TODAY’s recent article on the link between body image anxiety and social media use was more than eye-opening.

The study, which surveyed 2,670 people aged 16 and above in May and June 2022, found that adults in Singapore spend an average of 2.5 hours on social media every day.

Here are my key takeaways at a glance:

  • 17% of Singaporean adults at risk of body image anxiety; young women more so.
  • Spending 3 hours or more per day on social media? You are at risk of body image anxiety.
  • Daily users of TikTok and Instagram (3 hours or more) are most at risk.

Survey participants were split into either “healthy” or “at-risk” based on their responses to the Appearance Anxiety Inventory assessment.

I found it quite surprising that one in six (17%) Singaporean adults potentially risk having anxiety over their body image.

It’s a worrying number, but I actually thought it would be higher to be quite honest.

I remember watching one of the first Thor movies when it had just come out, and how I had become deeply troubled in my soul at the stark realisation that the size of my pecs and biceps were nowhere near Chris Hemsworth’s.

I saw that movie one time, and it still haunts me after a particularly heavy dinner. 

Now compare my singular experience with the exposure of at-risk respondents –  56% of the at-risk group spent on average 3 hours or more across all social media platforms in a day. This figure was 40% for the healthy group.

I doubt they’re all watching Thor movies on a loop, but it stands to reason that this daily, constant consumption of content on social media – which are often rife with bombardment of impossible beauty and fitness standards – might mean they are experiencing body image anxiety on an exponentially higher level than I have.

When I consider that 60% of this at-risk group are women, I can’t help but feel that TikTok has been particularly egregious over the years (formative ones for many of these young women) when it comes to warping their body image.

In the case of a young TikTok user predisposed towards losing weight, his or her For You Page would be curated by algorithms to ensure a steady supply of #thinspo content like fitness tips or those “What I Eat in a Day” videos.

Trends like these which often include dangerous diets not tailored to one’s health or age – and certainly not prepared by a nutritionist – are served up with each scroll and may well fuel an impressionable mind, whether male or female, on a journey towards body dysmorphia or an eating disorder. 

Indeed, those at risk of body image anxiety were mainly youths: 39% were aged 16-24 while 29% were aged 25-34.

I left the article feeling more motivated to manage my screen time.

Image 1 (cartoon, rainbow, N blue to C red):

After all, social media is a world where what you see is not what you get.

On platforms like TikTok that are exceedingly visual, the vast majority of user-generated content is designed to direct the eye to what is on the outside.

She’s wearing this; he’s dating her; they’re going to this restaurant for dinner; this yoghurt drink is part of that go-getter lifestyle. 

At worst, it’s fake and a front. At best, it’s still curated. It’s all external.

In this era of seconds-long stories, there’s no time for internal, deeper things.

Who actually cares about the person you are becoming? I already see your feed anyway.

Then, when you consider that half of the at-risk group said that influencers influence their beliefs and purchase decisions, you realise that social media is not a neutral just-keep-up-with-my-friends-happy-place, but inevitably a hotly contested battleground for the mind.

It’s designed and being refined towards persuading you, whether that’s in joining a push for a worldview or joining a queue to purchase a perceived lack.

You’ll see games and the shows we watch do this too, in how they vie for attention and positions in the battlefield of our minds.

If we don’t acknowledge this and handle these media accordingly, we only stand to lose.

Did you know it’s been estimated that we spend a third of our lives looking at devices?

Whether it’s body image or beliefs, a war for influence is being waged — and our minds are the chips we play with in this online game.

Who’s going to win?

It’s about what we will give our time and money to, and what we will build our lives around.

Which is the truth we hold to and whose example do we emulate? The person who culture puts before you and says you should become, or do we learn to be imitators of Christ?

“”Do not conform to the pattern of this world, but be transformed by the renewing of your mind. Then you will be able to test and approve what God’s will is — his good, pleasing and perfect will.” (Romans 12:2)

The world wants to take your mind captive and conform you to its culture, but the Word of God wants to renew your mind.

When our minds are renewed, our focuses, appetites and perspectives will be transformed. Our lives are transformed. 

Instead of fleeting trends, FOMO and fabricated realities, we will have a constant hope, eternal satisfaction and the ability to see the world, others and ourselves the way God sees us.

So have the mind and mindset of Christ, and guard that with your life.

For how we think is how we will live. And how we live informs our destiny.

THINK + TALK
  1. How long do you spend on social media each day? It might help to check your screen time through your phone.
  2. Do you have anxiety over your body image? 
  3. Sum up your body or your look in one sentence.
  4. How does that align with what God says about our bodies and how He has created us?
  5. What are some promises or truths from the Word that you can hold on to in this regard? Try and go beyond Psalm 139!